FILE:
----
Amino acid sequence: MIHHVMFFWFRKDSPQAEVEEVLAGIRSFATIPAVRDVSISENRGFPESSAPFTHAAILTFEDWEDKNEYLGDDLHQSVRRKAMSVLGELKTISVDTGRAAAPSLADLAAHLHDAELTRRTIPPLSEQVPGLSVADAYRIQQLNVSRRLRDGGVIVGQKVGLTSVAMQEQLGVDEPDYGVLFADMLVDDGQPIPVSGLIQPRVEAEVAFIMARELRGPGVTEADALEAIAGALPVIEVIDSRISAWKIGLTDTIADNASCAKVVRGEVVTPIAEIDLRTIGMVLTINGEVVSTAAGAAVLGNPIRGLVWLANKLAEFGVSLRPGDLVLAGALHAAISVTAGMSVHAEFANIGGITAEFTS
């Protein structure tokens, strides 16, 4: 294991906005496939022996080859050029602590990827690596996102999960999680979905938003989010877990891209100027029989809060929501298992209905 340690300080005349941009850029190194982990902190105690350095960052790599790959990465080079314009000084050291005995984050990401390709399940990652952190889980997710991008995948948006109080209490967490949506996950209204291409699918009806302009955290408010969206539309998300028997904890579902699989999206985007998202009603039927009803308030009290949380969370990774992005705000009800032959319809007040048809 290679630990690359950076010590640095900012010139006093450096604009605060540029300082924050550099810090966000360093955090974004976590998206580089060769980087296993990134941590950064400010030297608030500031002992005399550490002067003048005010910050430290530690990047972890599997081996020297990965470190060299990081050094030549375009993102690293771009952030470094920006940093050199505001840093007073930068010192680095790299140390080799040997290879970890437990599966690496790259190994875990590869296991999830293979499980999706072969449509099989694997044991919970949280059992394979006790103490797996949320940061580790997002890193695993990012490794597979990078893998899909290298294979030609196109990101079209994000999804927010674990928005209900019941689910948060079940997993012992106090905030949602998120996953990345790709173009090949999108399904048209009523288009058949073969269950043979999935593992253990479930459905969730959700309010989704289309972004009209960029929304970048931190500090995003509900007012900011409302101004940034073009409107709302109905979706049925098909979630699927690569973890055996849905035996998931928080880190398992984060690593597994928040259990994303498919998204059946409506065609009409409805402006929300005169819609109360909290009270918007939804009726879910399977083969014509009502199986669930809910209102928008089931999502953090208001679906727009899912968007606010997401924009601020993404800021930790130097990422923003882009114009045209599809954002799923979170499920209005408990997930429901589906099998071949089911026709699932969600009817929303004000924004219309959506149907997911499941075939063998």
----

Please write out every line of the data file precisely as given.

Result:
Amino acid sequence: MIHHVMFFWFRKDSPQAEVEEVLAGIRSFATIPAVRDVSISENRGFPESSAPFTHAAILTFEDWEDKNEYLGDDLHQSVRRKAMSVLGELKTISVDTGRAAAPSLADLAAHLHDAELTRRTIPPLSEQVPGLSVADAYRIQQLNVSRRLRDGGVIVGQKVGLTSVAMQEQLGVDEPDYGVLFADMLVDDGQPIPVSGLIQPRVEAEVAFIMARELRGPGVTEADALEAIAGALPVIEVIDSRISAWKIGLTDTIADNASCAKVVRGEVVTPIAEIDLRTIGMVLTINGEVVSTAAGAAVLGNPIRGLVWLANKLAEFGVSLRPGDLVLAGALHAAISVTAGMSVHAEFANIGGITAEFTS
């Protein structure tokens, strides 16, 4: 294991906005496939022996080859050029602590990827690596996102999960999680979905938003989010877990891209100027029989809060929501298992209905 340690300080005349941009850029190194982990902190105690350095960052790599790959990465080079314009000084050291005995984050990401390709399940990652952190889980997710991008995948948006109080209490967490949506996950209204291409699918009806302009955290408010969206539309998300028997904890579902699989999206985007998202009603039927009803308030009290949380969370990774992005705000009800032959319809007040048809 290679630990690359950076010590640095900012010139006093450096604009605060540029300082924050550099810090966000360093955090974004976590998206580089060769980087296993990134941590950064400010030297608030500031002992005399550490002067003048005010910050430290530690990047972890599997081996020297990965470190060299990081050094030549375009993102690293771009952030470094920006940093050199505001840093007073930068010192680095790299140390080799040997290879970890437990599966690496790259190994875990590869296991999830293979499980999706072969449509099989694997044991919970949280059992394979006790103490797996949320940061580790997002890193695993990012490794597979990078893998899909290298294979030609196109990101079209994000999804927010674990928005209900019941689910948060079940997993012992106090905030949602998120996953990345790709173009090949999108399904048209009523288009058949073969269950043979999935593992253990479930459905969730959700309010989704289309972004009209960029929304970048931190500090995003509900007012900011409302101004940034073009409107709302109905979706049925098909979630699927690569973890055996849905035996998931928080880190398992984060690593597994928040259990994303498919998204059946409506065609009409409805402006929300005169819609109360909290009270918007939804009726879910399977083969014509009502199986669930809910209102928008089931999502953090208001679906727009899912968007606010997401924009601020993404800021930790130097990422923003882009114009045209599809954002799923979170499920209005408990997930429901589906099998071949089911026709699932969600009817929303004000924004219309959506149907997911499941075939063998």